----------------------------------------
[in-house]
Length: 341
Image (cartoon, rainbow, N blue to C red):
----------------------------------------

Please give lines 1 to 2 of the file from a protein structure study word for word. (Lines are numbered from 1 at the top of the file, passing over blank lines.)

[in-house]
Length: 341